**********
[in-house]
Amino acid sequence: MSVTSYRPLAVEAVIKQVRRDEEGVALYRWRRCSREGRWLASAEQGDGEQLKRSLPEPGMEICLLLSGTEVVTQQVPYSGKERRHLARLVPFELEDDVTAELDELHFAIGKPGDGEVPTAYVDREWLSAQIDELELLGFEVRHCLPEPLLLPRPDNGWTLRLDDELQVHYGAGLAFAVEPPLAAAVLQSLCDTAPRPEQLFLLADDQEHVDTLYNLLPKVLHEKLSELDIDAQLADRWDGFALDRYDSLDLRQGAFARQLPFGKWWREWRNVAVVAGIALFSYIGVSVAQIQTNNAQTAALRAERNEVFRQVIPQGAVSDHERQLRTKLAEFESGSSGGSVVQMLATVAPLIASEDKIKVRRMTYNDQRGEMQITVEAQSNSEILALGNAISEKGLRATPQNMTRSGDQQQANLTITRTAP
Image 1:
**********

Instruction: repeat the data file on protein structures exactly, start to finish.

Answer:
[in-house]
Amino acid sequence: MSVTSYRPLAVEAVIKQVRRDEEGVALYRWRRCSREGRWLASAEQGDGEQLKRSLPEPGMEICLLLSGTEVVTQQVPYSGKERRHLARLVPFELEDDVTAELDELHFAIGKPGDGEVPTAYVDREWLSAQIDELELLGFEVRHCLPEPLLLPRPDNGWTLRLDDELQVHYGAGLAFAVEPPLAAAVLQSLCDTAPRPEQLFLLADDQEHVDTLYNLLPKVLHEKLSELDIDAQLADRWDGFALDRYDSLDLRQGAFARQLPFGKWWREWRNVAVVAGIALFSYIGVSVAQIQTNNAQTAALRAERNEVFRQVIPQGAVSDHERQLRTKLAEFESGSSGGSVVQMLATVAPLIASEDKIKVRRMTYNDQRGEMQITVEAQSNSEILALGNAISEKGLRATPQNMTRSGDQQQANLTITRTAP
Image 1: